Film is an audiovisual medium, but sometimes its images and sounds appeal to more than only our eyes and ears. Some images, and some filmmakers, have found ways of activating our sense of touch. One such filmmaker is Terrence Malick. His images are haptic: they seem to turn our eyes into fingers and thus generate a tactile experience of the visuals.
Here, Chiara Berrevoets focuses on this quality of Malick's movies. This video essay is an evocative montage that feels its way through his filmography. Berrevoets touches upon several aspects of the haptic image and mentions the various technical ways in which this effect can be achieved. But ultimately, she aims to get to the essence of these haptic visuals in a way that is much more, well, Malick-like. She uses Malick's own stylistic penchants in her essayistic examination of his movies. Her poetic voice over is suggestive rather than descriptive, blending personal experience with objective observation. The stream-of-consciousness quality of the editing echoes Malick's own: each image hands over the reins to the next in a chain of visual echoes.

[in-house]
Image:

Please visit filmscalpel.com/haptic-malick/ for detailed credits and more information.
This video was made solely for educational purposes and makes "fair use" of copyrighted material. Fair use is codified at Section 107 of the Copyright Act: Under the fair use doctrine, it is not an infringement to use the copyrighted works of another in some circumstances, such as for commentary, criticism, news reporting, or educational use.